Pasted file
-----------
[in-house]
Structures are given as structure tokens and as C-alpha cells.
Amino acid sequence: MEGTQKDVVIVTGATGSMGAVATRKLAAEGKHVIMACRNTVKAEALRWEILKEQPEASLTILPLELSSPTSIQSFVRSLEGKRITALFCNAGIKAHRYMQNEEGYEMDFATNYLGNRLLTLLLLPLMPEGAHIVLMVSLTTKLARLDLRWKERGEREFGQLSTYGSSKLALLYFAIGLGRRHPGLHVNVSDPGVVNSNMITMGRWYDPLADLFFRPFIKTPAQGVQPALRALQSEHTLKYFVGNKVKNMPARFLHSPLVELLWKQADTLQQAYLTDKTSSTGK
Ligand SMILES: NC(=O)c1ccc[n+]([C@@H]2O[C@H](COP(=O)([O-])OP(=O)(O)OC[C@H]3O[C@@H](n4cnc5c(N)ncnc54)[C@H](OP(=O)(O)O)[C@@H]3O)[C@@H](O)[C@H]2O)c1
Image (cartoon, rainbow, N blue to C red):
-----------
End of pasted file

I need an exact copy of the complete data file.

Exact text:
[in-house]
Structures are given as structure tokens and as C-alpha cells.
Amino acid sequence: MEGTQKDVVIVTGATGSMGAVATRKLAAEGKHVIMACRNTVKAEALRWEILKEQPEASLTILPLELSSPTSIQSFVRSLEGKRITALFCNAGIKAHRYMQNEEGYEMDFATNYLGNRLLTLLLLPLMPEGAHIVLMVSLTTKLARLDLRWKERGEREFGQLSTYGSSKLALLYFAIGLGRRHPGLHVNVSDPGVVNSNMITMGRWYDPLADLFFRPFIKTPAQGVQPALRALQSEHTLKYFVGNKVKNMPARFLHSPLVELLWKQADTLQQAYLTDKTSSTGK
Ligand SMILES: NC(=O)c1ccc[n+]([C@@H]2O[C@H](COP(=O)([O-])OP(=O)(O)OC[C@H]3O[C@@H](n4cnc5c(N)ncnc54)[C@H](OP(=O)(O)O)[C@@H]3O)[C@@H](O)[C@H]2O)c1
Image (cartoon, rainbow, N blue to C red):